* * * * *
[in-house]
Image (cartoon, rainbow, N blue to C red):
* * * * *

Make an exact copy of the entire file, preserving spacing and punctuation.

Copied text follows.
[in-house]
Image (cartoon, rainbow, N blue to C red):